The first 3 miles I felt good, settled quickly, but felt like I was having to hold myself back a little. In the sunshine it was hot and humid, so patches of shade beneath the trees were welcome. I kept a regular eye on my Garmin for pace, checking every mile split and glancing in between, trying to find the sweet spot and not drift too easily into slowing down.

I’d worn my tri number belt as it gave me the opportunity to tuck a gel into one of the elastics. So far this year, I’ve managed without them, sticking to a bite of dried mango for a boost on longer runs. But I still had it in mind that I might use one or two on the Great North Run. The belt was a bit of a mistake. It kept riding up and kept my vest close to my body, so I didn’t feel the benefit of the non-existent breeze. I eventually got it settled around my hips, re-pinning my race number to my vest as I was still running. As I didn’t use the gel, I’ll be sticking to mango pieces and no belt for the Great North Run. I do prefer to run with the minimum of baggage.

Through the pretty village of Corbridge with plenty of smiley marshalls and smatterings of local support, the ribbon of runners wound from one side of the road to the other, taking the shortest path and I followed. Up the inclines, I shortened my stride and picked my feet up, putting in a little more effort to keep up the pace, but trying not to wear myself out too much.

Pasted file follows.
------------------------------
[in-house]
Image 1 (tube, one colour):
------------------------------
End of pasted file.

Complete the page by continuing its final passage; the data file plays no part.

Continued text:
As we approached the rise out of the village I ran alongside an Asian guy in a red T-shirt and we swapped some chat about goals and targets for this race and the next one. Together we tackled the slope that I knew would be the last one before the stretch at the end. As we approached the top, he eased away.

But beside the road I saw my lucky charm Kathryn, a workmate and good runner. I barely had chance to register that she looked like she was struggling in the heat, just saying, “Come on Kathryn, run with me for a bit,” and she did.

Now Kathryn follows all my running ups and downs, knows my goals, my aims and is often one of the first to text me and ask how I’ve got on. So I know she knows what I can do and what I’m aiming for. And I know too that she’s a good bit faster than me on a good day, but that she’s coming back from injury and still finding her form. And I really like running with her.

This was a good bit of the race. I was enjoying the country roads and the views over the hedgerows. Very different from my usual coastal run. We took off down a lovely long downhill and into a left hand turn. Half way point and still on 9 min mile pace. ‘Just five more 9 minute miles’ I said, confirming what my intentions were for the run.

We didn’t talk much. Just now and then, exchanged a few words. And I told her if she wanted to pick up the pace and go, I would be alright. Through mile 5 and 6 I had a bite of mango to keep me going, intending to take the next one at 8, but needing it at 7. I was actually quite enjoying this, ticking off the miles with Kathryn’s quiet reassurance of ‘spot on pace’.